About this Project

This blog comments on Canadian (and occasionally comparative) national security law to update my National Security Law textbook and now also my 2015 book, False Security: The Radicalization of Anti-terrorism, co-authored with Kent Roach.

Please also see www.antiterrorlaw.ca for Bill C-51-related analyses by Craig Forcese and Kent Roach.

For narrated lectures on various topics in national security law, please visit my 2017 "national security nutshell" series, available through iTunes.


For a continuing conversation on Canadian national security law and policy, please join Stephanie Carvin and me at A Podcast Called INTREPID.


Please also visit my archive of "secret law" in the security area.

By Craig Forcese

Full Professor
Faculty of Law

Email: cforcese[at]uottawa.ca

Twitter: @cforcese


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Latest Book: Available from Irwin Law in April 2018.


Special Advocates and Bill C-3

The Tory government tabled a bill on Monday, October 22 proposing amendments to Canada's immigration "security certificates" (Bill C-3).  On top of making other minor adjustments (reflecting changes in practice undertaken anyway in the wake of court rulings), the new bill's core purpose is to create a system of "special advocates" to be deployed in in camera, ex parte portions of the hearings to represent the interest of the affected person.  Unfortunately, the government effort seems to draw more inspiration from the UK experience than from Canada's own Security Intelligence Review Committee model.  It fails to preclude a repeat of the problems experiences in the UK (leaving avoidance of such problems to the discretion of the judge on a case by case basis).  Lorne Waldman and I have questioned the wisdom of this model in a op-ed published on October 25 in the National Post, and reproduced below.  Other problems space and complexity prevented being discussed in that piece also exist with the bill.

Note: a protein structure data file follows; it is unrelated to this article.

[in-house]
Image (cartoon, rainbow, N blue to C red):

First, the information disclosure regime in the immigration law will continue to be different from the information disclosure regime under the Canada Evidence Act: in the latter, the court is to balance the national security interest against the fair trial interest.  In the immigration law, there is no such statutorily-mandated balancing.  (And, incidentally, the bill doesn't create a special advocate system for Canada Evidence Act s.38 proceedings.  At least one Federal Court judge has concluded that these persons are constitutionally obligatory in such proceedings).